Flow control

“The punch is mounted on the bed, and the blank material sits on the draw ring supported by the bed cushion,” says Dixon. “When the upper tooling contacts the blank, the cushion retracts downward, forming the material over the punch.

On a conventional draw press, the bed cushion maintains equal tonnage throughout the stroke, which can cause wrinkling and tearing. Beckwood’s Dynamic Cushion Control allows Columbia Metal Spinning to adjust tonnage throughout four travel zones. This gives the operator greater control over material flow, allowing the shop to form complex parts with ease.

Columbia Metal Spinning is using the press primarily to form prepped circles into hemispheres and flared tube ends. Material types range from Inconel and high-strength alloys to aluminum and brass-nickel. The machine runs 16 hours a day.

“We are using it to draw, size and blank,” says Kolman. “We’re running everything we can through this press. We are pushing the machine’s limits. The 54 in. by 54 in. sq. bolster gives us 60 in. of daylight. The larger work area provides us with so much more capacity. We’ve joked that we could fit our old press inside our new one.”

Opportunities arise

Kolman says he appreciates “the tolerances we are able to achieve with this press, [which] are paramount for the components we need to produce. Capacity, close tolerances and repeatability also support very short timelines. The press has opened up doors to new production areas for us.”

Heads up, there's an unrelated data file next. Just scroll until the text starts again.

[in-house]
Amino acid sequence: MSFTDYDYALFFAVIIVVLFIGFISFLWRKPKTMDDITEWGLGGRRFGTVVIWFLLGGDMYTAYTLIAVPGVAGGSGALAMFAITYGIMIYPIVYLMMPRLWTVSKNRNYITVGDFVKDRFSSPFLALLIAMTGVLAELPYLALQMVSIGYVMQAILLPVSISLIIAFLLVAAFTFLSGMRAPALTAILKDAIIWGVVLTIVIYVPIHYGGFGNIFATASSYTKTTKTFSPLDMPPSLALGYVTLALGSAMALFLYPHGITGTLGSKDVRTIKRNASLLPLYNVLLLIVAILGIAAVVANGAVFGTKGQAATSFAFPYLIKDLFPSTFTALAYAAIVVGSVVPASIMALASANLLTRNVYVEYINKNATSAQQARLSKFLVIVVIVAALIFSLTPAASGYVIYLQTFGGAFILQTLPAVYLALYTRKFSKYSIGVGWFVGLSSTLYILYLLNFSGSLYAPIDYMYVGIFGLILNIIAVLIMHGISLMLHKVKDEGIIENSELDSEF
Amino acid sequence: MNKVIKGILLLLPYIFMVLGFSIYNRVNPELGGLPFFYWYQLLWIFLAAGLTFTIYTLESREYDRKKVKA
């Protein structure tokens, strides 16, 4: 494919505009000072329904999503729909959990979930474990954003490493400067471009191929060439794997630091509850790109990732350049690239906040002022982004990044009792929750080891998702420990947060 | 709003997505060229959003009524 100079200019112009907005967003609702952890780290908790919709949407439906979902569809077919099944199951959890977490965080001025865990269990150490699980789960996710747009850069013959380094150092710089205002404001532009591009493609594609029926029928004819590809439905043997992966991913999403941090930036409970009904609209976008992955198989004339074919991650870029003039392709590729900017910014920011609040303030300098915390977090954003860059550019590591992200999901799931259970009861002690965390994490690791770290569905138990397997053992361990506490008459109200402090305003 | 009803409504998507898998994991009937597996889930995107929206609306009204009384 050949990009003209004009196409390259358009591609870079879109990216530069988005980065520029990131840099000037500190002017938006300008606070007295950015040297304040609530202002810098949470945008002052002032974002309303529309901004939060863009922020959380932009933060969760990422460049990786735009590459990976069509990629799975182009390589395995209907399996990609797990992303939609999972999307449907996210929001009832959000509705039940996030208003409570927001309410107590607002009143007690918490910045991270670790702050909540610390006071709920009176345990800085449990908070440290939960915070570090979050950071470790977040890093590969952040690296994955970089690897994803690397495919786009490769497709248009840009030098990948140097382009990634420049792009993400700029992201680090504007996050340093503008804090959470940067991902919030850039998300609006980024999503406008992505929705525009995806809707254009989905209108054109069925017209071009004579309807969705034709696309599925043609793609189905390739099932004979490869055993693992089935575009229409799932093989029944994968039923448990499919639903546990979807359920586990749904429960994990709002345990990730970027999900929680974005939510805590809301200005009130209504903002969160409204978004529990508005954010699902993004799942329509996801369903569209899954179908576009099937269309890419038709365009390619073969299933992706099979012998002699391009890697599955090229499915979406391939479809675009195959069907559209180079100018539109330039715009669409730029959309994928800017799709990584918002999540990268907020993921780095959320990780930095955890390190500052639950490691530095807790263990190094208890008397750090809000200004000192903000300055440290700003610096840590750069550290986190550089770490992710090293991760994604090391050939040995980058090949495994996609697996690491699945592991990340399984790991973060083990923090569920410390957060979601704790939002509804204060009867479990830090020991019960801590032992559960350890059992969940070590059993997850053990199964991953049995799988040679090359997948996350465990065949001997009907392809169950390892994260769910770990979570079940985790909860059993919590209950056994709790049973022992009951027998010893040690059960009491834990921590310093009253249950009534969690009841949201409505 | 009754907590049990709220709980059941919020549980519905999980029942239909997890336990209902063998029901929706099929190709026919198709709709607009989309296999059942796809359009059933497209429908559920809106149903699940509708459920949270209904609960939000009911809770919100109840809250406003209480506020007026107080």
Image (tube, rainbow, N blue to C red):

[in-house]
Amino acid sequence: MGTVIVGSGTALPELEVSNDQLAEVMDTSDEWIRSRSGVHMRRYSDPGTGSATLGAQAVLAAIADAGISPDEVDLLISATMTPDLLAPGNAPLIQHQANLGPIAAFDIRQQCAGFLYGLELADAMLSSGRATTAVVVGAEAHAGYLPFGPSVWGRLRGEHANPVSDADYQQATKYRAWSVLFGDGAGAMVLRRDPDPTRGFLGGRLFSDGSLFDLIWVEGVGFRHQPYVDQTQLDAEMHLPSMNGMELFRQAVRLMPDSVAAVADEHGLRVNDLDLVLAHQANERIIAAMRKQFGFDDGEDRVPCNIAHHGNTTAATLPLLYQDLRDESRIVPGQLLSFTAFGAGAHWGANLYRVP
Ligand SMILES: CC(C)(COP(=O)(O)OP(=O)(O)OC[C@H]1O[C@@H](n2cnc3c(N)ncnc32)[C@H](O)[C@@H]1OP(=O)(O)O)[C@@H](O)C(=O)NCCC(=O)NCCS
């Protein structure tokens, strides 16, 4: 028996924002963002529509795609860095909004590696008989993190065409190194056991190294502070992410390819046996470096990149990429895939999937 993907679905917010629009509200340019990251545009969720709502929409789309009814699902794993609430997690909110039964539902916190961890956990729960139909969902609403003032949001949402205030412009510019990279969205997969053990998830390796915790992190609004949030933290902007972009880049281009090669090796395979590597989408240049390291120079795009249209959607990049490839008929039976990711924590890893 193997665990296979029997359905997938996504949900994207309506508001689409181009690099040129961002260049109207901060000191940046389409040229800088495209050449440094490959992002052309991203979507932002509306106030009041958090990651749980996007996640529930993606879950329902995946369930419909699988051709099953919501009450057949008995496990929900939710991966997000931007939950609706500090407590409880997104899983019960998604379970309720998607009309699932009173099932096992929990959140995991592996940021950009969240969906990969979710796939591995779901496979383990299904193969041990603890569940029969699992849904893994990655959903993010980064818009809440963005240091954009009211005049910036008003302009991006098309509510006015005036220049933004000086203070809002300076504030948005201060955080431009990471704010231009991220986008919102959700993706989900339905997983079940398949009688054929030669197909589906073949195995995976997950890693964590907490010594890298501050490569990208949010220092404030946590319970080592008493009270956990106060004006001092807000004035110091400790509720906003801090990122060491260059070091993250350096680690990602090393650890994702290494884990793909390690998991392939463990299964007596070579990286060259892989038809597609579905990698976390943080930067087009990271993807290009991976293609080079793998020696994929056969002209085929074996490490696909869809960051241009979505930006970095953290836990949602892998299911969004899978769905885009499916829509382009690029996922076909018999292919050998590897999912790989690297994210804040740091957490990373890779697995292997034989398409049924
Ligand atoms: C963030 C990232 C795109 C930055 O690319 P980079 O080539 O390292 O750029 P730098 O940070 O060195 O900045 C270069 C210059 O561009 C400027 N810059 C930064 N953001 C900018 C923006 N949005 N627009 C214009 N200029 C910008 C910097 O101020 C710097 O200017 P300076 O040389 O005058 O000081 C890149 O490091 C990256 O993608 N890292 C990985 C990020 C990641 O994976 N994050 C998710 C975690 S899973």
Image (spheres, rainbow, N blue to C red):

This workhorse has given the manufacturer a “chance to perform long-needed service on our other presses because we have the capacity on this one” to cover maintenance outages on the others.

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Columbia uses the Beckwood 450-ton hydraulic deep draw press to draw, size and blank parts from a variety of alloys and high-strength steels.

Columbia Metal Spinning is also seeing an uptick in research and development projects. Kolman credits this opportunity to the new press as well as the shop’s cost-efficient tooling. Equipped with Allen Bradley controls, the intuitive system operates in manual mode to accommodate die set-up and maintenance as well as semi-automatic mode for continuous production.

“The press has allowed us to reduce the number of personnel needed for some jobs,” Kolman notes. “That was unexpected.”

Once part recipes are perfected, they can be stored for easy recall, Beckwood Press’ Dixon says. “With minimal training, anyone can make parts on the press. Columbia Metal Spinning doesn’t have to rely on a manual controls system or highly skilled operators to maintain accuracy and repeatability.”

Next steps

Flexibility helps the job shop manage any project that comes through the door. “It has contributed to our longevity,” says Kolman. “Each industry has different specifications, different tolerances, and we’re able to fit the bill regardless of the parameters.”

Columbia Metal Spinning is considering adding hot forming capability. The application requires a highly specialized press capable of forming high-strength materials like titanium at temperatures up to 2000 degrees Fahrenheit. Based on the success of the relationship it has with Beckwood Press, Columbia Metal Spinning knows just where to seek a quote for that. FFJ

Sources